The latest analysis of the labor force survey for 2020-21 reveals a concerning situation for female engineering graduates in the country. About 70% of these graduates are either unemployed or not actively participating in the labor force.
Out of a total of 28,920 female engineering graduates, only 28% (8,146) are employed. Alarmingly, 20.9% (6,054) are unemployed, while a significant portion, 50.9% (14,720), is out of the labor force, meaning they are not seeking employment.
This research, conducted jointly by Gallup Pakistan and PRIDE, examined data from the Labor Force Survey 2020-21, focusing on female engineering graduates who hold degrees such as Bachelors, MS/M.Sc., M.Phil., or Ph.D. in various engineering fields.
When analyzing these figures based on region (rural and urban), it becomes apparent that nearly 21.1% of all engineering graduates are residing in rural areas, while 78.9% live in urban regions.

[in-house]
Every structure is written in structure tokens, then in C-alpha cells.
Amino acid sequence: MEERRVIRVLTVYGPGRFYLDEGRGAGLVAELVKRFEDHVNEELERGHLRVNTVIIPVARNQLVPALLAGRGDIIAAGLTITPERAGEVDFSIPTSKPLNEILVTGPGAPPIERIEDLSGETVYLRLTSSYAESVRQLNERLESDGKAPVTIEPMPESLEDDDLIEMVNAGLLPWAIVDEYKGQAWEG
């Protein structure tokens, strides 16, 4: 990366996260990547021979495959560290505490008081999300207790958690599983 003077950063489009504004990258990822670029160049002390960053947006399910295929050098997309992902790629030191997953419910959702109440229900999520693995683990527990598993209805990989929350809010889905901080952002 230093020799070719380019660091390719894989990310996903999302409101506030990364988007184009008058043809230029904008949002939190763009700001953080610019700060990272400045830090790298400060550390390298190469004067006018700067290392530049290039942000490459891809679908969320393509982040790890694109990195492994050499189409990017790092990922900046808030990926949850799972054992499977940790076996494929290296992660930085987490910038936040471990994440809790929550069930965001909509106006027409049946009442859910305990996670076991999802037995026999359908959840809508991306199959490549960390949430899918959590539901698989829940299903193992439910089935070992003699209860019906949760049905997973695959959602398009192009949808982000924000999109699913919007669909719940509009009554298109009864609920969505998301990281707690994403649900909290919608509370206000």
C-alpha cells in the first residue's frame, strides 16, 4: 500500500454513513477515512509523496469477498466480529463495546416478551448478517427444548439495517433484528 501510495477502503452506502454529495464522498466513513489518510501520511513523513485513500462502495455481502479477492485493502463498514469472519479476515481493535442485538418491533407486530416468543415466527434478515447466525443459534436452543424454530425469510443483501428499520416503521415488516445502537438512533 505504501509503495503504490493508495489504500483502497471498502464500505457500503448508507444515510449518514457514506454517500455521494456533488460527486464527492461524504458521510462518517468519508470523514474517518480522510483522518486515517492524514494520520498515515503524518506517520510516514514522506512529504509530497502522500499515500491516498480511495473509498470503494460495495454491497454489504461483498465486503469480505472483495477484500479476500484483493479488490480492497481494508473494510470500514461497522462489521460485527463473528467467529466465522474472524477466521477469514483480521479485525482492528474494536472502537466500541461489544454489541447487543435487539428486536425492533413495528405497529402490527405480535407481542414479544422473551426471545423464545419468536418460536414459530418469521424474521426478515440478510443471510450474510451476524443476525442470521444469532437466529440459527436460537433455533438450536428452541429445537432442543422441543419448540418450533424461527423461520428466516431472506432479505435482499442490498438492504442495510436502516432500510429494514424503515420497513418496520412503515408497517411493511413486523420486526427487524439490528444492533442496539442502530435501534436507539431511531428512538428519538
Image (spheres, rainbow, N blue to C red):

Within rural areas, approximately 43.9% of engineering graduates are employed, and around 36.3% are unemployed. A smaller proportion, 19.8%, chooses to remain out of the labor force in rural regions, significantly lower than the national average of 50.9%.
In urban areas, roughly 24.0% of female engineering graduates are employed, and 16.8% are unemployed. Worryingly, the majority of female engineering graduates in urban regions, more than 59.2%, are out of the labor force.
Comparing employment figures by region, it’s clear that urban areas offer significantly more employment opportunities for female engineering graduates, with 67.2% employed there compared to 32.8% in rural areas.
In contrast, the proportion of unemployed engineering graduates is lower in rural areas (36.5%) compared to urban regions (63.5%). Additionally, among the 14,720 engineering graduates who are out of the labor force, the majority (91.8%) are in urban areas, with only a small share (8.2%) in rural regions.
Notably, approximately 64.2% of these engineering graduates who have chosen not to participate in the labor force are married, and 28.42% have never been married.
When looking at age groups, the highest percentage falls in the 25-34 years category (50.9%), followed by those in the 35-44 years age group (21.7%). These statistics highlight the challenges and barriers that female engineering graduates face in the job market.